Slowly losing the grasp of surrounding towns to other malls, like Colonie Center, who models like most upper-range, up-to-date centers today, and the medium-tier Crossgates Mall, Latham Circle Mall has been sort of dwindling between times past and lost in something of a funk, riddled with the inability to adapt and evolve with trends other malls have and one whose continually since the late 1990's has been unable to rebound. So much, that the mall has more or less become a vacuum to the forgotten and disarray.


Because of this, Latham Circle Mall lives as an interesting and equally bizarre mall not quite like any other. Those who've come to the mall have noted its unusual design and mismatched decor-ridors. From dead ends to dead fronts, mixed use areas, parcels laden with vacancy, oddly-positioned office spaces and wall murals to strange oversight office areas plagued with one-way mirrors to often unusually high and variously differed acute angled ceilings, Latham Circle Mall isn't a conventional mall by far.


One area in particular, above the mall security offices, can be accessed by an ancient zig-zag staircase which leads to multiple levels with various balconies to more office space. Unfortunately, this part was barred off and while we had great temptation to explore the upper netherealms of the mall, we eventually abstained for reasons we'll later divulge.




No more than minutes before the top of the hour, we were matched presence by mall security who gave us a bitter reception. Like an RPG (Role-Playing Game -- not the explosives), our sights locked as he approached.

He was a stocky individual whose name I failed to capture. Beyond middle-aged, unshaven, generally unfit and unkempt and was also missing a good number of off-colored and ghoulish teeth likely due to tobacco habits to which resonated in scent as he spoke. Wearing a white button-down shirt a few buttons loosened from the top and slightly slurred in speech, his provincialism lacked prominence as he approached me, awaiting my reprimand. In something of a let's-play-detective manner, he whips out what looks to be a badge likely commissioned to him by the mall's dollar store and proceeds to lay down the protocol or something to the effect of 'what do you think you're doing'?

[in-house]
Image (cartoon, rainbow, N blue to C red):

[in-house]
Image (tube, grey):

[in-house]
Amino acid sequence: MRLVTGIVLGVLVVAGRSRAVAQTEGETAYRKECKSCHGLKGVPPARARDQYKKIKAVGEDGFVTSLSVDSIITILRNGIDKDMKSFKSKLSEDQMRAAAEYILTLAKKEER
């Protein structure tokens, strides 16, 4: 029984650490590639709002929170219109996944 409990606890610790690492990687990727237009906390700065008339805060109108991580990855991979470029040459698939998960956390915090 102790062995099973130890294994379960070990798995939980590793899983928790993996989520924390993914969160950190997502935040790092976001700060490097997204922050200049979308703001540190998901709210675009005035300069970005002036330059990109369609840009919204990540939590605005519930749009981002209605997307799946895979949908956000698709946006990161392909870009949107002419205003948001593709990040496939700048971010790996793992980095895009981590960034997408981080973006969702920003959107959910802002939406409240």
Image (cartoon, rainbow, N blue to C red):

I thought he might be Police, but seconds later I realized he was definitely not.

I play out, knowing what I'm to be told as I carry my pocket camera having just been caught capturing a wall decal next to an active office space. No pictures, I get it. Well it didn't stop there. The eager guard, enthused by the chance he may get to use his interrogation skills or to stir up some drama at a dried-up setting further asked a few more questions as to why I was taking pictures of the mall to which I gave him my verbal credentials. Noting it was strictly non-profit, whose gain was merely to capture and preserve retail history in lieu of a proposed renovation (which is pending approval by the town and is slated to begin Summer 2007), I understood his skepticism but soon realized how silly this could become.

He thereby demanded some form of written credentials or a business card, to which I don't carry around as I'm not in business, telling me that if I wanted to take pictures, asking mall management was paramount.

Silly me, I had left my wallet in the car.

He asked me to stay put as he turns aside to whip out his gray clamshell cell, talking to what was believed to be a superior, who likely didn't seem very busy only taking about a few rings. Wondering what this guy was going to tell me next, he blurbs 'The Caldor Rainbow' over his phone to which the next immediate response was 'No.' Not surprisingly, I had predicted that my request to document the mall would be shot down faster than unauthorized aircraft over Groom Lake.